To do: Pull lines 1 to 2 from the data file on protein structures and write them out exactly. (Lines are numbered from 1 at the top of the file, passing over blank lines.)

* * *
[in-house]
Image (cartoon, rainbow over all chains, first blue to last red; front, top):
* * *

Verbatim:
[in-house]
Image (cartoon, rainbow over all chains, first blue to last red; front, top):